Moore: It’s been 10 years in the making. I came up with the idea in 2012 when I started my graduate program. I wanted to create something that hasn’t been done. Original stories were what I wanted meaning that I’d have to build Conjuring Worlds from the ground up. And I knew it couldn’t be on that scale with thousands of dollars spent  and teams of dozens of people.  It needed to be manageable. So I thought, “Ok, if I can get maybe 30-35 entries of art, poetry, short stories, and nonfiction, then this could be a cool little textbook.” 

From there I started to think about how much I wanted to pay my writers. Writers should always, always be paid. Working with my life coach at the time, we developed a budget and launched an Indiegogo campaign. I raised the funds thanks to so many amazing people, especially Audrey Williams, a speculative fiction writer and poet. She blasted my campaign on Twitter and to her contacts and it really blew up. After the funding, the next question was, “Who would be willing to be a part of this project?” I thought about all the amazing authors that I’ve befriended as the poetry editor of the award-winning Fiyah Literary Magazine. So I literally just asked folks, and everyone said “Of course, I would be honored.”

But I wanted to do something different too. I thought it would be thrilling for budding writers to have their work studied by other students. At the time I taught an online summer class and held a competition. A ten year old girl from Oakland, California submitted the best story. And now her story is in Conjuring Worlds. A rising first year college student wrote an interesting speculative poem, and I included her poem as well.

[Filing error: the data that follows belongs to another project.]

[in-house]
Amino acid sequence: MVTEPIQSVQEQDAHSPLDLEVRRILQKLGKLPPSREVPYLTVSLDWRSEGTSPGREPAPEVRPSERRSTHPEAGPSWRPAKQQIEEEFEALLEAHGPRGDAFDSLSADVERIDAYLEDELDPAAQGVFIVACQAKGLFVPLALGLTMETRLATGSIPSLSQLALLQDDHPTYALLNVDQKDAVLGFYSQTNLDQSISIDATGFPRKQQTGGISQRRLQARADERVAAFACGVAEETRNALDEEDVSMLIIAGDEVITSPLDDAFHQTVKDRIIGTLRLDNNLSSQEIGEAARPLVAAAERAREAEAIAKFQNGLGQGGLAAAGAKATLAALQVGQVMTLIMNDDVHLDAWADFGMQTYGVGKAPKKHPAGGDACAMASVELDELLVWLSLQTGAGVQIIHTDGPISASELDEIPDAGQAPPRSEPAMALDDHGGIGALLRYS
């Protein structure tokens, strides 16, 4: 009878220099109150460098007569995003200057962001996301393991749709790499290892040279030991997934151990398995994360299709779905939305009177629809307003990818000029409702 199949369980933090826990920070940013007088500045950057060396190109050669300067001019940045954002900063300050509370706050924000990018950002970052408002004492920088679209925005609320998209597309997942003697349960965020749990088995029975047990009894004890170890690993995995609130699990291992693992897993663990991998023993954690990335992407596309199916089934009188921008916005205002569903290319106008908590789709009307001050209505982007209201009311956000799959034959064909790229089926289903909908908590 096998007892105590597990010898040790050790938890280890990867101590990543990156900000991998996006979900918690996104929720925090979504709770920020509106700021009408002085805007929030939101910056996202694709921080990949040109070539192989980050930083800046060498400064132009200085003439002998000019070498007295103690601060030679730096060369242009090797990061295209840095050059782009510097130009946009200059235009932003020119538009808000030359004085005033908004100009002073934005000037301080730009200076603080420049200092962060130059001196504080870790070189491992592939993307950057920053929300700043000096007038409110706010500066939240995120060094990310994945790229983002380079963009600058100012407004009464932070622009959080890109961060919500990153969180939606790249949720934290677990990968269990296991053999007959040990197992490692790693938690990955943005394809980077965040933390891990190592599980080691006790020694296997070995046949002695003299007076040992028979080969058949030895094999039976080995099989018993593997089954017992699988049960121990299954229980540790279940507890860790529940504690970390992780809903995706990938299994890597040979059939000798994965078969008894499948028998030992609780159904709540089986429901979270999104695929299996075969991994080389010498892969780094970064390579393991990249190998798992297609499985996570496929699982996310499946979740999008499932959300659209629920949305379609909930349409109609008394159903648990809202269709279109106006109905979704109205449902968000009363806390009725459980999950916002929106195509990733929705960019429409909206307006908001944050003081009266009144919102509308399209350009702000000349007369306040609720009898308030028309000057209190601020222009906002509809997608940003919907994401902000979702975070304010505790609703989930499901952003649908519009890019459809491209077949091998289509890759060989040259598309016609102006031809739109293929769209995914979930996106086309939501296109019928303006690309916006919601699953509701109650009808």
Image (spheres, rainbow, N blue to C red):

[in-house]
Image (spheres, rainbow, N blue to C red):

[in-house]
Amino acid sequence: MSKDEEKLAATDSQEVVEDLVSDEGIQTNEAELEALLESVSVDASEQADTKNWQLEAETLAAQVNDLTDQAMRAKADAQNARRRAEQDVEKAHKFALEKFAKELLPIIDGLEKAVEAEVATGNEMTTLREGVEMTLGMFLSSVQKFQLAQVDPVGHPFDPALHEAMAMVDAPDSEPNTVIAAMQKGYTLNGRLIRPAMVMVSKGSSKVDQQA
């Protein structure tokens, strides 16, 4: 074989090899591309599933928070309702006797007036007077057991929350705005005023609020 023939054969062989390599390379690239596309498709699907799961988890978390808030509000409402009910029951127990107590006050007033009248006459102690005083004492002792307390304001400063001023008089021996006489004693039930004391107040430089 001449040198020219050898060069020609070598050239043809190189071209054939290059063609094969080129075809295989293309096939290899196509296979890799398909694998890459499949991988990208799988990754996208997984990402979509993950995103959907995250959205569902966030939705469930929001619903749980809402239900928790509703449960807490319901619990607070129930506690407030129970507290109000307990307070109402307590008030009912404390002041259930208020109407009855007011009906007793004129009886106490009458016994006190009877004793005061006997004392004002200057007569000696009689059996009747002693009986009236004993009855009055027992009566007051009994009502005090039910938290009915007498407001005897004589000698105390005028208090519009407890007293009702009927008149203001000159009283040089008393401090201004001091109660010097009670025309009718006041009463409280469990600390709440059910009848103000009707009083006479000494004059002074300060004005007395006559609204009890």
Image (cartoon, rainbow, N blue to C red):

In the end, a very, very small crew ended up putting Conjuring Worlds together. My husband, a graphic designer, laid it out. Helena Hartsfield, an educator who I deeply respect, helped create the discussion questions. We did it piece by piece, developing the extension activities and discussion questions using Bloom’s Taxonomy and Gardner’s Multiple Intelligences. It’s been a heck of an experience, and I’m ready for it to be out  in the world. 

TER: Why is it important that Afrofuturist texts are a part of the curriculum? 

Moore: It’s important because there are a breadth of stories that aren’t being told. It’s a way to show wonder and creativity in a way I don’t believe that realistic fiction can. Don’t get me wrong I love all fiction, but there’s something about the speculative fiction, which Afrofuturism falls under that umbrella, that creates characters, plot points, and settings that are out of this world amazing. Our students don’t often see characters of color set in those stories. It’s another door to open in a student’s mind that may not have opened before. 

TER: Is there anything that you would like educators to know? 

Moore: I want educators to know that even if you are unable to experience the freedom that you want, it exists in the texts we choose. I encourage teachers to join curriculum committees, write curriculum, and fight for books that they read, love, and believe children will enjoy. We’re the thought leaders. It’s important that we know we have power. The building of our classroom libraries is a powerful thing. I brought many students onboard to reading by introducing them to the right book. 

Thank you to author and educator, B. Sharise Moore. To learn more about Conjuring Worlds or to purchase your own copy, you can go here

Editor’s Note: If you enjoyed this article, please become a Patreon supporter by clicking here.

Lanee Higgins taught high school English and middle school ELA and AVID in Washington, D.C. and Baltimore...